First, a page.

9. 108
    Renee Angus says:

    I learned that bringing mindfulness back to us when life has gotten way to fast to meditate can begin with a gratitude journal. Thank you for covering everything so thoroughly.

  10. 107
    Lori Lamb says:

    I have a client who has been on Xanax for 10 years and finally came off of it about 4 months ago. She’s tried different supplements like GABA, taurine, melatonin and is still not sleeping through the night. She practices sleep hygiene, goes to bed at 10 and wakes up 4-5 times a night and if she even lets her mind go to one thought she’ll lay there for over an hour before being able to go back to sleep. How long does it take after coming off Xanax to stabilize and sleep well? Any thoughts or ideas that I can suggest to help her?

    • 107.1
      SAFM Team says:

      We are not able to give personalized advice in these Q&A threads. However, Xanax belongs to the class of drugs called benzodiazepines, which when used for a long time create a strong dependence and many people experience a so-called “benzodiazepine withdrawal syndrome” even after a slow wean off period (more than 20 weeks). You can read more about this syndrome here:
      What seems to be really important here is a much broader and holistic focus than just trying to ‘make the body sleep’. First, the mindset that it may take months before the natural sleep returns. Then, overall body wellness to support the brain in rebalancing its chemistry. Thus, a well-balanced diet, with plenty of healthy fats, ample protein, and organic greens and other vegetables; daily movement with sweating that promotes lymphatic circulation and circulation in general; proper hydration and detoxification support with any nutrients that may be missing.

  11. 106
    Kim Hartmann ND says:

    I have a patient who reacts adversely to all calming and GABA promoting supplementation. Causes very Glutamate=like sx; panic, anxiety, flushing, elevated heart rate, racing mind, insomnia. Urine metabolites show Glutamate 4x upper limit. We’ve tried Mag & B6, L-Theanine, Passionflower, adaptogens, etc.. All makes worse. We are detoxing mold, which I believe is one of the major causes of elevated Glutamate. Any other reasons body may react adversely to calming/GABA supplementation?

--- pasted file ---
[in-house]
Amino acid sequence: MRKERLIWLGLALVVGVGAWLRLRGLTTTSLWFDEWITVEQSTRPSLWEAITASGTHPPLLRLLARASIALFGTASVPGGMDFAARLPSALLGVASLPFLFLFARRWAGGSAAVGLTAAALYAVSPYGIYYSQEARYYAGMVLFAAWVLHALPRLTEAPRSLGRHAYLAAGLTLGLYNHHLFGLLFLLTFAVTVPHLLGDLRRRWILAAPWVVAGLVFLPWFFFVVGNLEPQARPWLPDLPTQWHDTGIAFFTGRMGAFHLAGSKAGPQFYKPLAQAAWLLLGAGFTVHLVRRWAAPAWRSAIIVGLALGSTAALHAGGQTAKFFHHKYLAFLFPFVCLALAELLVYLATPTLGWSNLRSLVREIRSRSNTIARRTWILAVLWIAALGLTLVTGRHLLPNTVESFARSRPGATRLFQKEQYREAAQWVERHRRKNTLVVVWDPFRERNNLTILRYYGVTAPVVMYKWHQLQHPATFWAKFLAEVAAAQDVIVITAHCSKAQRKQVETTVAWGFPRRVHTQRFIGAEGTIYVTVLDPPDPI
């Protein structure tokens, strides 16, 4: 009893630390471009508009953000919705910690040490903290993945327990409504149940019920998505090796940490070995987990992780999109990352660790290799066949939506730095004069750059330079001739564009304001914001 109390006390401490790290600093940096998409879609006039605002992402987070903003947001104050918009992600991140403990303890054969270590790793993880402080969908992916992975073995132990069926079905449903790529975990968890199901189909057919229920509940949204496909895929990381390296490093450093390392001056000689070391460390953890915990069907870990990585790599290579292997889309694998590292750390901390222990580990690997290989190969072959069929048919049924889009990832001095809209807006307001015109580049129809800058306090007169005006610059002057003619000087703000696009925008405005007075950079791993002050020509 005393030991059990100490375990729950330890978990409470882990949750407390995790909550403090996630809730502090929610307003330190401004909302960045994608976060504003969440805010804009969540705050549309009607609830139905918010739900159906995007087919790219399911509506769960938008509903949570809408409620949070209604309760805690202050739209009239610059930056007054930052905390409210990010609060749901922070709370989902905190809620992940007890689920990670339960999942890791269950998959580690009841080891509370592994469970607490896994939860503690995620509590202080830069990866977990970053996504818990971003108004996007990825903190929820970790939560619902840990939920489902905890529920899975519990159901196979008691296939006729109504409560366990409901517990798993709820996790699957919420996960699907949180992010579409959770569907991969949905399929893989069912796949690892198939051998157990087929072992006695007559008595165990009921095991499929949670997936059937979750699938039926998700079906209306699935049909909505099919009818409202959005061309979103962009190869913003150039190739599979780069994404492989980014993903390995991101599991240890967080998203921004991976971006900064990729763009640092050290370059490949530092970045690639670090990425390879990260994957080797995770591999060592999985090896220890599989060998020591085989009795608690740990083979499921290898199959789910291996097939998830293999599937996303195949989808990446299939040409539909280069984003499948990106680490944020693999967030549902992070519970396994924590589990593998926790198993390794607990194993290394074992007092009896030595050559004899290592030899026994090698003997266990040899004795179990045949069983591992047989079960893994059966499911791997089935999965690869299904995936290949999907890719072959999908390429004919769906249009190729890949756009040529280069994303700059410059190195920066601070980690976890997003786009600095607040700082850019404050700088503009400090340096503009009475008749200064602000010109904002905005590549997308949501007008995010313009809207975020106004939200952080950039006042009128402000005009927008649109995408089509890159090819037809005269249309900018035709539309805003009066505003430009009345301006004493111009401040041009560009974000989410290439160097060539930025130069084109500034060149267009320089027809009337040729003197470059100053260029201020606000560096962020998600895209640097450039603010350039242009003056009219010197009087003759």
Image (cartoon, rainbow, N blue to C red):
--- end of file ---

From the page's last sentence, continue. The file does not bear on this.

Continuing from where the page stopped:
12. 105
    Tina says:

    Hello! How can I listen to this? I would love to be able to view it please.

    • 105.1
      SAFM Team says:

      Yes, the video archive is indeed available to you to view at any time! Just look for the video frame below the postscript under Tracy’s signature. If it is not appearing for you, it may be that your network bandwidth is not sufficient to allow it to load. You may wish to try again at another time or with another device.

  13. 104
    Janet Kirch (aka Kirchheimer) says:

    What I found most interesting was the variety of different supplements that help anxiety. L-theronate, Taurine, L Theanine to name 3. How do you determine which one to use? Or is it just trial to see how each person feels. Are any based on cortisol as you mentioned as a possible issue?

    • 104.1
      SAFM Team says:

      We’re so glad that you found something new and interesting in the presentation, Janet! You’re asking fabulous questions and indeed we offer a whole Clinical Deep Dive Course on Depression and Anxiety Solutions: that teaches what you are inquiring about. We hope to see you inside soon!

  14. 103
    Cari Williamson says:

    I found the video to be very helpful in many ways. I liked that there were several examples of what might cause anxiety and the specific explanations of why. I found the recommendation to stop drinking coffee at 10.00 AM but to then drink green tea to be very interesting advise! Cari W.

  15. 102
    Leah Hope says:

    Gratitude journaling is the pearl for me!
    Great information.

  16. 101
    Elise Bender says:

    I am a registered nurse with a bachelor’s degree. Do you have any RNs in your program?
    Your FB live mentioned how SSRIs can create a depletion over time of serotonin. How do you safely help a patient to get off of these?